Today I have a much better grasp of Rails and the magick seems to fade away. And this is great. Rails generates a lot of excitement at the moment, and excitement leads to hype, when people who try to play the “magick” card, attributing it with “human-like” behaviour and popularizing a perception that Rails does everything for you.
The screencaps might be impressive, but frankly with right PHP libraries you would be able to get the same results just as easily. The best presentation on Rails is here, it was done way before all the Rails hype started (you can even see that there are about 20-30 people in the room). It is a bit long (2 hors!), but David (the Rails author) answers most of the questions – what made him move from PHP to Ruby, what MVC methodology means in Rails, and also codes an example, which just does not
And this brings me to a point – you should not expect Rails to be easy, you should expect to get into it first.
Also, I am not sure I like the thing about plural / singular (in Rails you enter it in singular, like “Book” when you name an object, and in database you have a table called “books”, because you see, it is a collection of book, the objects. And Rails goes one way further – mouse become “mice”, and so on. I am not sure that this is that useful for programmers, you could just as well have Book the object and Book the database table name. But I guess thisk quirky feature is something to put you in the mood for starting thinking about the object/database relationship, and it’s also a great soundbyte.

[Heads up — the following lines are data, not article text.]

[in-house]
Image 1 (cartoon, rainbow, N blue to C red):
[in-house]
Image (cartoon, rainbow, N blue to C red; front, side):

In the video presentation I mentioned, somebody asked a good question – “can Ruby be considered to develop a Bank System?” And this is a good question – for people to start looking into Ruby means a great amount of investment. If the language is not a proven concept or if the support is lacking, Rails can become just another fluke – an overhyped technology. And the answer to this would be that nobody knows yet – the critical mass of Ruby programmers is not there yet, so anything can happen. Ruby (and Rails) can become the next Linux or Apache – an industry standard robust technology with commercially available support. It can become an object-oriented PHP alternative. Or it can become Coldfusion – taking up a relatively small niche.
From what I saw in the last couple of days, both Ruby and Rails have a lot of potential. One thing Rails should be very good for is for rapid development of mini projects (3-4 people for 1-3 months). But mini does not mean bad – the flagship Rails project is a good looking project collab tool Basecamp. One of the best features that will be great for Web 2.0 start-ups and fans is the built-in support for Ajax in Rails.
I am still not sure about the learning curve for Ruby and Rails – if the time investment is not serious, even if the future of Rails and Ruby is not certain, you still will not waste it – learning about Ajax, Object Oriented Programming and Model-View-Controller methodology will not go unnoticed.
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